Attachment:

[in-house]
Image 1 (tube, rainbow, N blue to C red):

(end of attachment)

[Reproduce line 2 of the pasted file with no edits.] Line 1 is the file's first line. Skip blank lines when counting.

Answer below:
Image 1 (tube, rainbow, N blue to C red):